As one can see, this involves a “taking up” of each lower part into a higher part, along with a move of consciousness to the higher plane. From the “sensual” plane, soul and spirit are one. Only from the soul plane does one even begin to intuit that there are higher regions still. And what comes after this? The Self Beyond the Self?

Look about you, if not in your tradition, then some tradition fit for you. Seek it, and find it: you will seek what you find anyway. It is ultimately not a concept or even an “ideal” (although it certainly will make use of both along the way), but a path which you already know, as the Russian peasant pilgrim already knew, when he set out on his journey, that he would find his Lord.

By the way, if you have fallen, a repentance equal or greater in fervor than the sin which was committed will re-instate your “talents” and place you back upon the Ladder. The thing is to climb.





12 thoughts on “Gleanings about the Field of Pearls

  1. Excllent and timely article. Thank you Logres!

  2. Thank you for that sanctifying collection Cologero on 2013-06-25 at 00:34 – now I at least I can trigger those quotes on que the next time I rage against the ignorant. We have much to feel a righteous anger about which can fester into pure hatred for the repugnant given that the wrath of justice is long overdue for the wretched!

  3. @ Cologero: I remembered last night that Ousepensky did have a passage which indicated that “anger at self” was a way to channel anger to where it needed to go, so I think, on reconsideration, there are two meanings of “anger” here (which of course the Church Fathers warn happens in many Bible verses/contexts, rendering Scripture not perspicacious as Protestants assumed it to be).

  4. Prima Materia, the Blood of Jesus, the Tablet’s of Metatron; the Tiger, the Bull, the Dragon, the Serpent, Cosmos, Chaos, even the Heavens and the Hells, these all are but the One and the All warring itself for being is war and war is being. Understanding, slaying, riding, taming, conquering, even eating or drinking those beings is initiation which means realizing their emptiness or fullness, and neither, and both. THE SECOND COMING OF Q. []

    AND THERE WAS WAR IN HEAVEN!/s/The+Word/2yU8IU?src=5

    The Dragon cast down crashed as the Nazarene, and to atone for his rebellion was crucified. Now he’s back in black and on crack riding a lighting, boom! whiplash!

    2 Thessalonians 1:7-9 – “The Lord Jesus shall be revealed from heaven with his mighty angels, In flaming fire taking vengeance on them that know not God”

    {God showed Noah a rainbow sign and said it won’t be water but fire next time…}

    MYGHTIEST OF WYZARDS YS HE!/s/Rainbow+Demon/15Kz5X?src=5

  5. Evagrius, from the Philokalia:

    Our anger contributes very much to the aim of demons when it is active in a way that is contrary to nature, and it becomes more useful for all their evil arts. Therefore none of them ceases exciting it both at night and in daytime. But when they see it bound by meekness, they unloose it by means of plausible pretexts, so that having become exceedingly sharp it might serve their ferocious thoughts. Therefore, it is necessary to avoid exciting anger, whether for just of unjust ends.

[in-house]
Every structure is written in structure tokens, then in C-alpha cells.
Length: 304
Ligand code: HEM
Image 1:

The word translated as anger is actually thymos, i.e., spiritedness or the irascible appetite. Now, Evagrius is a solitary monk and is speaking to monks.

    Thomas Aquinas defines wrath as “the spiritual strength to attack the repugnant”. In this case, it is not an irrational emotion set aflame by demons, but rather an inner power that is in the service of the good and the true. Peter Chojnowski in his booklet “Flesh of my Flesh” has a chapter on this topic, particularly as it relates to men in the modern world. Because of the ideals of “tolerance” and “niceness”

    anger is kept from its normal release in the rectification of that which is disordered. When normal release in acts of ordering are forbidden due to a legal and juridical preoccupation with rights and tolerance, you have personal and social explosion waiting to happen. … to prevent a man from expressing in any way his repulsion to the disorderly, the perverted, the obnoxious, the dishonorable, is to invite and even ensure the engendering of psychological frustration which can only manifest itself in violent rage

    St John Chrysostom: “He who is not angry, whereas he has cause to be sins. For unreasonable patience is the hotbed of many vices, it fosters negligence, and incites not only the wicked but even the good t do wrong.”

  6. @ Jason-Adam. It’s interesting that the Philokalia recommends “anger” directed at one’s sin and demonic influence in the soul, whereas Gurdjieff/Ousepensky seem to imply that anger serves no useful purpose. One of the Church Fathers, Gregory or some such, indicated that anger heightens power if it is employed properly. Now, words mean different things to different kinds of people, so perhaps anger is being used in various senses, and there is a way of reconciliation. Still, even the Steiner crowd wrestled with Eastern differences: everyone sees the difference, but perhaps not accurately, and there is trouble interpreting what this means. Are we just different modes of one Truth? I tend to think it is more than merely a “mode” difference. Something is being gained/lost on either side. Perhaps as each perfects their own Tradition, we shall see more clearly how they are, and can be, One? I would like to go through The Cloud of Unknowing, at some point, and compare to the Philokalia.